Archive for January, 2015

Rumsfeld Conundrum- Finding the Unknown Unknown

Tuesday, January 27th, 2015

Since we began the process of building applications using our AI engine, we have order generic zoloft been focused on working with ideas or concepts. With BrainDocs we built intelligent agents to find and score similarity for ideas in paragraphs, but still fell short of the vision we have for our solution. Missing was an intuitive and visual UI to explore content interactively using multiple concepts and  metadata (like dates, locations, etc). We want to give our users the power to create a rich and personal context to power through their research. What do I call this?

Some Google research led me to a great visualization and blog by David McCandless on the Taxonomy of Ideas. While the words in his viz are attributes of ideas, not the ideas themselves, it got me thinking in different ways about the problem.

Taxonomy of Ideas

If you substitute an idea (product or problem) in David’s matrix and add the dimension of time, you create a useful framework. If the idea above was “car”, then the top right might be Tesla and bottom left a Yugo (remember those?). Narrow the definition to “electric car” or generalize to “eco-friendly personal transportation” and the matrix changes. But insert an unsolved problem and now you have trouble applying the attributes. You also arrive at an innovator’s dilemma (not the seminal book by Clayton Christensen), the challenge of researching something that hasn’t been labeled and categorized yet.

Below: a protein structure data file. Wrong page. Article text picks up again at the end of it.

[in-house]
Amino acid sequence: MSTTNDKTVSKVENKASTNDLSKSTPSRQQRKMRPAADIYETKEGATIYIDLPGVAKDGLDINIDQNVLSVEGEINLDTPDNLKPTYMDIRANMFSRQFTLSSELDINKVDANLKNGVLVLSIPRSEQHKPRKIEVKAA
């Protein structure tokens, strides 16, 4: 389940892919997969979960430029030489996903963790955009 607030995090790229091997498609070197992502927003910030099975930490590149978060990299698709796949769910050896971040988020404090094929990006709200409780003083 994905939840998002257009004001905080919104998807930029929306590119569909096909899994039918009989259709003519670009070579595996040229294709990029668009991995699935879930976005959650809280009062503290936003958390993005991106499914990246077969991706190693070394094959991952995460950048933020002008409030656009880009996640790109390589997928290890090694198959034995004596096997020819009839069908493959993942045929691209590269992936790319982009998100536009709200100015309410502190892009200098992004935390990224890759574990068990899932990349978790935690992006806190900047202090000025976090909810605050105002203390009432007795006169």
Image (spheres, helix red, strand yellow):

Ideas begin in someone’s head. With research, debate, and engineering, they become products. Products have labels and categories that facilitate communication, search and commerce. The challenge for idea search on future problems is that the opposite occurs: products are not yet ideas and the problems they solve may not have been defined yet. If I may, Donald Rumsfeld nailed the problem with this famous quote:

“There are known knowns. These are things we know that we know. There are known unknowns. That is to say, there are things that we know we don’t know. But there are also unknown unknowns. There are things we don’t know we don’t know.”

And if it’s an unknown unknown, it certainly hasn’t been labeled yet so how do you search for it? Our CEO Walt Diggelmann used to say it this way, “ai-one gives you an answer to a question, you did not know that you have to ask….!

Innovators work in this whitespace.

If you could build and combine different intelligent (idea) agents for problems as easily as you test different combinations of words in a search box, you could drive an interactive and spontaneous exploration of ideas. In some ways this is the gift of our intelligence. New ideas and innovation are in great part combinatorial, collaborative and stimulated by bringing together seemingly unrelated knowledge to find new solutions.

Instead of pumping everything into your brain (or an AI) and hoping the ideas pop out, we want to give you the ability to mix combinations of brains, add goals and constraints and see what you can create. Matt Ridley termed this “ideas having sex”. This is our goal for Topic-Mapper (not the sex part).

So what better place to apply this approach than to the exploration of space? NASA already created a “taxonomy of ideas” for the missions of the next few decades. In my next blog I’ll describe the demo we’re working on for the grandest of the grand challenges, human space exploration.

Tom

AI, AGI, ASI, Deep Learning, Intelligent Machines.. Should you worry?

Saturday, January 17th, 2015

If the real life Tony Stark and technology golden boy, Elon Musk, is worried that AI is an existential threat to humanity, are we doomed? Can mere mortals do anything about this when the issue is cloaked in dozens of buzzwords and the primary voices on the subject are evangelists with 180 IQs from Singularity University? Fortunately, you can get smart and challenge them without a degree in AI from MIT.